Data_Sheet_1_Vestibular Hair Cells Require CAMSAP3, a Microtubule Minus-End Regulator, for Formation of Normal Kinocilia.pdf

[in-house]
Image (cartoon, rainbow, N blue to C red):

Kinocilia are exceptionally long primary sensory cilia located on vestibular hair cells, which are essential for transmitting key signals that contribute to mammalian balance and overall vestibular system function. Kinocilia have a “9+2” microtubule (MT) configuration with nine doublet MTs surrounding two central singlet MTs. This is uncommon as most mammalian primary sensory cilia have a “9+0” configuration, in which the central MT pair is absent. It has yet to be determined what the function of the central MT pair is in kinocilia. Calmodulin-regulated spectrin-associated protein 3 (CAMSAP3) regulates the minus end of MTs and is essential for forming the central MT pair in motile cilia, which have the “9+2” configuration. To explore the role of the central MT pair in kinocilia, we created a conditional knockout model (cKO), Camsap3-cKO, which intended to eliminate CAMSAP3 in limited organs including the inner ear, olfactory bulb, and kidneys. Immunofluorescent staining of vestibular organs demonstrated that CAMSAP3 proteins were significantly reduced in Camsap3-cKO mice and that aged Camsap3-cKO mice had significantly shorter kinocilia than their wildtype littermates. Transmission electron microscopy showed that aged Camsap3-cKO mice were in fact missing that the central MT pair in kinocilia more often than their wildtype counterparts. In the examination of behavior, wildtype and Camsap3-cKO mice performed equally well on a swim assessment, right-reflex test, and evaluation of balance on a rotarod. However, Camsap3-cKO mice showed slightly altered gaits including reduced maximal rate of change of paw area and a smaller paw area in contact with the surface. Although Camsap3-cKO mice had no differences in olfaction from their wildtype counterparts, Camsap3-cKO mice did have kidney dysfunction that deteriorated their health. Thus, CAMSAP3 is important for establishing and/or maintaining the normal structure of kinocilia and kidney function but is not essential for normal olfaction. Our data supports our hypothesis that CAMSAP3 is critical for construction of the central MT pair in kinocilia, and that the central MT pair may be important for building long and stable axonemes in these kinocilia. Whether shorter kinocilia might lead to abnormal vestibular function and altered gaits in older Camsap3-cKO mice requires further investigation.